Over the holidays, I laid a large piece of raw canvas on the floor of a friend’s art studio and slashed and hacked away at it with a housepainter’s brush. Sure, it was action painting—nothing nobody wasn’t doing in 1951 (wait, does that triple-negative still make a positive?). However, old methods can convey new messages, including one that represents the sweaty, immediate present.

This was the result:


Every single inch of the 5-foot-long canvas is affected; even the seemingly blank areas are activated by small splatters. In this way, this painting acts as a metaphor for race; that is, there is nobody in America that is not affected at this cultural moment by the discourse of race and difference. Ferguson was the watershed, the explosive catalyst. Eric Garner, like a wide receiver, carried the message farther.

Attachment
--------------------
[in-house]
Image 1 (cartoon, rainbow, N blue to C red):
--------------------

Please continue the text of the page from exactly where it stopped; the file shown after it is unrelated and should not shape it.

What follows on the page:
I titled the piece Denature because it talks about how Michael Brown, and many others before and after, was stripped of his dignity–and all his essential qualities–that fatal day. It talks about the denaturing and pervasive effect of systemic racism.

Denature closeup
Hiccups and droolings of paint: Denature, 2014 (closeup)

Working spontaneously on a large scale was extremely cathartic for me; a lot of grief and rage bubbled out. However, as an artist, I was careful to follow up with methodical refinement. Right now this piece and another larger painting, titled 12:01 to Eternity (referencing the time Michael Brown was shot), are in an incubation period. I’ll leave them alone for a month or so before revisiting them for additional revisions. Because, as with emotion itself, time provides some perspective. But in the end, this perspective may only open up more questions than answers, not unlike race in America.

12PM to Eternity closeup
12:01 to Eternity, 2015 (closeup)

For contrast, a painting from 2008, Convergence